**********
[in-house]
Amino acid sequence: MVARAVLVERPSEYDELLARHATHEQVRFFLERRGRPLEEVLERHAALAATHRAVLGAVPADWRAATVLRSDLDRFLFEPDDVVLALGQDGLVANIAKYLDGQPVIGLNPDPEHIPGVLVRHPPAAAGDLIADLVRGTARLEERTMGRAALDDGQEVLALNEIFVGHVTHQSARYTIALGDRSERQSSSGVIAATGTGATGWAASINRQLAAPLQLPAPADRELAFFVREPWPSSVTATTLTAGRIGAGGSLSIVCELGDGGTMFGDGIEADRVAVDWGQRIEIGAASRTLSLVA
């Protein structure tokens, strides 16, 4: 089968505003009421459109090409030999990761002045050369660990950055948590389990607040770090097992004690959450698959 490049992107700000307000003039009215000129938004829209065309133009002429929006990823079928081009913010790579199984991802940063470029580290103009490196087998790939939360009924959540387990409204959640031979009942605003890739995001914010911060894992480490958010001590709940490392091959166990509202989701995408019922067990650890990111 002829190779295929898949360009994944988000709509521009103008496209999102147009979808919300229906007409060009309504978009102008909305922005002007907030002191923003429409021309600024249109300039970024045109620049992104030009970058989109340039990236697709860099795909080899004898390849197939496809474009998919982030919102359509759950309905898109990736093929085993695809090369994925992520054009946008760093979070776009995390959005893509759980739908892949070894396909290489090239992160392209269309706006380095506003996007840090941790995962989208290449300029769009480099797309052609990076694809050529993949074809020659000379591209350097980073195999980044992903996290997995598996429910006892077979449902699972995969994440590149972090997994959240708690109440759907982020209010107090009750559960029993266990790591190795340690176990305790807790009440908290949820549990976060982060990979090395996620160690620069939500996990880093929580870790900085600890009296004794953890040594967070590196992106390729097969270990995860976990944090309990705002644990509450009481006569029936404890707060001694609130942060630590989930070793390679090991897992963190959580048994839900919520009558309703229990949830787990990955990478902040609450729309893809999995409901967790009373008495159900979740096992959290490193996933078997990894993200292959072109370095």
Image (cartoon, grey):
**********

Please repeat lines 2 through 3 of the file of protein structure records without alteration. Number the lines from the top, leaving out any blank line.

Amino acid sequence: MVARAVLVERPSEYDELLARHATHEQVRFFLERRGRPLEEVLERHAALAATHRAVLGAVPADWRAATVLRSDLDRFLFEPDDVVLALGQDGLVANIAKYLDGQPVIGLNPDPEHIPGVLVRHPPAAAGDLIADLVRGTARLEERTMGRAALDDGQEVLALNEIFVGHVTHQSARYTIALGDRSERQSSSGVIAATGTGATGWAASINRQLAAPLQLPAPADRELAFFVREPWPSSVTATTLTAGRIGAGGSLSIVCELGDGGTMFGDGIEADRVAVDWGQRIEIGAASRTLSLVA
């Protein structure tokens, strides 16, 4: 089968505003009421459109090409030999990761002045050369660990950055948590389990607040770090097992004690959450698959 490049992107700000307000003039009215000129938004829209065309133009002429929006990823079928081009913010790579199984991802940063470029580290103009490196087998790939939360009924959540387990409204959640031979009942605003890739995001914010911060894992480490958010001590709940490392091959166990509202989701995408019922067990650890990111 002829190779295929898949360009994944988000709509521009103008496209999102147009979808919300229906007409060009309504978009102008909305922005002007907030002191923003429409021309600024249109300039970024045109620049992104030009970058989109340039990236697709860099795909080899004898390849197939496809474009998919982030919102359509759950309905898109990736093929085993695809090369994925992520054009946008760093979070776009995390959005893509759980739908892949070894396909290489090239992160392209269309706006380095506003996007840090941790995962989208290449300029769009480099797309052609990076694809050529993949074809020659000379591209350097980073195999980044992903996290997995598996429910006892077979449902699972995969994440590149972090997994959240708690109440759907982020209010107090009750559960029993266990790591190795340690176990305790807790009440908290949820549990976060982060990979090395996620160690620069939500996990880093929580870790900085600890009296004794953890040594967070590196992106390729097969270990995860976990944090309990705002644990509450009481006569029936404890707060001694609130942060630590989930070793390679090991897992963190959580048994839900919520009558309703229990949830787990990955990478902040609450729309893809999995409901967790009373008495159900979740096992959290490193996933078997990894993200292959072109370095």